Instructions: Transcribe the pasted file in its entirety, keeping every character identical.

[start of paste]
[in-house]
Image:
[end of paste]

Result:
[in-house]
Image: